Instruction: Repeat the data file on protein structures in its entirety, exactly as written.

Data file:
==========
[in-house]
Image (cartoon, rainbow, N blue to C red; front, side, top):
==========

[in-house]
Image (cartoon, rainbow, N blue to C red; front, side, top):